UPDATE: December 16, 2021: Raley’s said Wednesday it had completed its acquisition of Arizona-based Bashas earlier this week, closing the deal it announced in October. To manage the combined companies, the grocer has created a new entity called The Raley’s Companies which will oversee the Raley’s and Bashas operating divisions.
Keith Knopf leads The Raley’s Companies as President and CEO while Edward “Trey” Basha is President of Bashas’. Raley’s operating division will appoint a president next month, according to a press release Wednesday.
As part of the announcement, Raley’s said it will give all eligible retail and distribution employees in its divisions a pay raise in early 2022.
- Raley’s has signed a definitive agreement to acquire the Bashas family of stores, according to a press release Friday. Financial terms of the deal were not disclosed.
- Bashas’ will continue to operate its existing banners under the Raley’s business and will retain its headquarters, more than 100 stores and distribution center in Arizona. The companies expect the transaction to close by the end of this year.
- The companies combined under Raley’s will operate more than 200 stores in Northern California, Arizona, New Mexico and parts of Nevada.
Overview of the dive:
By acquiring Bashas’, Raley’s nearly doubles its store footprint and takes control of one of Arizona’s leading grocers as it seeks greater economies of scale.
Friday’s announcement noted that Raley’s will not be closing any Bashas stores and that employees will retain their current roles, compensation and benefits. He also noted that Raley’s will not be making changes to local store management, but did not outline plans for leadership roles at the chain – leaving the door open for the California-based grocer to make changes. top adjustments.
In a video presentation released Friday to Bashas workers, Edward “Trey” Basha, President and CEO of Bashas, along with Keith Knopf, President and CEO of Raley’s Holding Company, shared news of the acquisition and assured them that local operations would remain unchanged.
“At Raley’s, we will have a partner who will ensure that we continue to deliver exceptional experiences for our customers and members at a time when competition from regional grocery stores has never been fiercer – while remaining true to the values who have shaped our history over 90 years,” Basha said in the announcement.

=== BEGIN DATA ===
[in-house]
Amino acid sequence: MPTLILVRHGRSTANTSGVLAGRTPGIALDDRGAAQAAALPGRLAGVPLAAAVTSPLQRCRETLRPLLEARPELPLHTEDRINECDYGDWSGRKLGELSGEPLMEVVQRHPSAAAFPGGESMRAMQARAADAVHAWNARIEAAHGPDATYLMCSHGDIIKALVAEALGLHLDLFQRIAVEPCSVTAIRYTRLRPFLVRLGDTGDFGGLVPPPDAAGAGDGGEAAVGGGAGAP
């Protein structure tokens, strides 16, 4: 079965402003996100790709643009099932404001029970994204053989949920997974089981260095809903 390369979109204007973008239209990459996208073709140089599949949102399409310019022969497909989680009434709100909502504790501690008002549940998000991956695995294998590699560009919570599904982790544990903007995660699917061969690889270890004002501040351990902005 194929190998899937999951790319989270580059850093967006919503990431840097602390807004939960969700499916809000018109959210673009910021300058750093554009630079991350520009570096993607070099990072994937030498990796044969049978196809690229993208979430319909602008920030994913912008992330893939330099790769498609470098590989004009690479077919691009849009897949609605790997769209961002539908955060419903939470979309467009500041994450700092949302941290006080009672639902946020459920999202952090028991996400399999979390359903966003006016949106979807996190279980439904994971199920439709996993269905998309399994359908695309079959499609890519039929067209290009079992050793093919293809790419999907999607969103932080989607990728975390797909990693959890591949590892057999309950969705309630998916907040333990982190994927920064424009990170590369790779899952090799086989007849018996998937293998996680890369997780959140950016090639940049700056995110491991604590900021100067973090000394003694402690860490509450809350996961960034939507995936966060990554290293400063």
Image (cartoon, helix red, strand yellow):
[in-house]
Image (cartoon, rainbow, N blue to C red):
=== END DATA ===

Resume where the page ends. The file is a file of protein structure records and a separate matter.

Knopf, meanwhile, noted in a statement that “robust digital capabilities and combined buying power” will benefit buyers from both companies.
Smaller regional grocery chains are struggling to compete with the scale advantages that larger chains enjoy in pricing, digital services and other areas. But the cash injection brought by the pandemic presents an opportunity for regional retailers to acquire other operators. In February, Tops Markets and Price Chopper/Market 32 agreed to merge and create a combined chain operating nearly 300 stores in six northeastern states.
Over the past several years, Raley’s has worked to differentiate its stores with a greater emphasis on health, specialty products and in-store experiences. In Arizona, Bashas competes with Kroger-owned Fry’s, as well as growing specialty chain Sprouts Farmers Markets, as well as discount retailers Aldi and Walmart.
Basha’ operates more than 100 stores, including the Food City banners, AJ Fine Foods and Eddie’s Country Store, as well as the Basha’ Having dinner supermarket that serves Native American communities. by Raley operates 124 stores, primarily in Northern California, through four different banners: by RaleyNob Hill Foods, Bel Air and by Raley A market.